I Don’t Need Help! or Learning to Receive

Posted on: April 11th, 2013 by Laurie Coombs

Iron sharpens iron, and one man sharpens another. – Proverbs 27:17

proverbs 27:17, I want to quit, burn out, burnout, why do we get burnt out, burnt out, exhausted, receive, receiving, i don't receive well, i'm the helper, i don't need help, learning to receive, I help others, people rely on me, lies, lies we believe, weakness, a sign of weakness, needing others, interdependent, interdependency, God's design, we need each other, Bible, Jesus, Christ, Christian, forgive, forgiveness, christian forgiveness testimony, dependent, dependent upon God, Father, God the father, life, approval, instruction, wisdom, blessing, grace, mercy, forgiveness of sins, the gift of the holy spirit, holy spirit, power through jesus, why did jesus die, communion with God, communion with one another, one another,  build up the body, building up one another, John 13:35, disciples, love one another, serve one another, hospitality, fellowship, bear one another's burdens, burden, church, church of christ, body of christ, 1 Thessalonians 5:11, blessing, bless, allow others to bless you, be a blessing,

A couple months ago, I found myself sitting at a small table in Starbucks. Across from me sat my leadership coach.

“I don’t think I can do this any more,” I told her. “I’m burnt out. I’m doing too much, and honestly, I don’t think I’m doing anybody any good at this point.”

I came to this meeting to quit. I had been leading a small group of women from my church in a weekly meeting for over two years. But at this point, I was exhausted. I didn’t feel I could do it any longer.

After I explained the situation, she said, “Honestly, I don’t think you know how to receive very well.”

Yes, I do. I thought, perplexed.

“You’ve done a great job of making yourself a commodity,” she continued, “but you don’t allow others to pour into you.”


I left, still leading this group of women, still wanting to quit, and pondering what I had been just told. After much thought and prayer, however, I realized that my coach was right.

I don’t receive well.

I’m the Helper; I Don’t Need Help!

Since our meeting, God has been calling me to receive. It’s like He’s holding out both hands toward me, offering the fullness of Christ, saying, Receive, Laurie. Allow me to pour into you. Allow others to pour into you, and receive all the riches of my blessing upon your life. 

But it’s hard. It’s not how I’m wired. Recently, I found myself saying I’m not the one who needs help, I’m the one who helps others. 

You see, from the time I was a child, I was the “helper.” I helped my mom with my special needs sister. And I helped my family get through my parents’ divorce. I’m the helper. People rely upon me.

And I guess somewhere along the way, a lie infiltrated my consciousness, telling me that I don’t need others to help me, that I can do it all on my own, that needing others is a sign of weakness.

But none of that is true. We all need help. We were not created to live completely unto ourselves. We need God. And we need each other. Our interdependency is part of God’s perfect design, not a flaw.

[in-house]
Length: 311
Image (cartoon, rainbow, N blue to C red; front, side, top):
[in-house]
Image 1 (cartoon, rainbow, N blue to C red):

The Word Receive in the Bible

I just completed an inventory of the word “receive” in the Bible.

And scripture is clear. We were created to receive. To live in complete dependence upon God and to receive all things from Him. Just as a baby helplessly relies upon his parents for all things, so too, are we to live in complete reliance upon our Father.

All things come from God, so one way or another, we must receive. Scripture says we receive life, approval, instruction, wisdom, righteousness, blessings, grace, mercy, forgiveness of sins, the Holy Spirit, and power through Jesus.

Jesus died that we may experience the fullness of life. But, we must receive Christ, through faith, in order to receive that life.

It is true: we were created to be in communion with God. Yet, we were also created to be in communion with one another. To help one another and build one another up as the body of Christ.

We Need Each Other

Embracing our need for one another is not a sign of weakness, but of strength. John 13:35 says, “By this all people will know that you are my disciples, if you have love for one another.” We are called to:

Love one another.

Serve one another.

Forgive one another.

Show hospitality to one another.

Have fellowship with one another.

Bear one another’s burdens.

Just think about what the church would look like if we brought these commands into our relationships. It’s about serving others and allowing others to serve you. You see, “Two are better than one… For if they fall, one will lift up his fellow” (Ecclesiastes 4:9-10).

I am now coming to understand that it is when we don’t allow others to pour into us that we become weak.

We need each other.

Each of us have been given gifts for the purpose of building one another up. Let us use them and receive support from one another. Paul said it well when he wrote, “Therefore encourage one another and build one another up, just as you are doing” (1 Thessalonians 5:11).

{Allow others to bless you that you may continue to be a blessing others.}

Question: Can you relate? How might we all become better receivers? Share in the comments.

Comments are closed.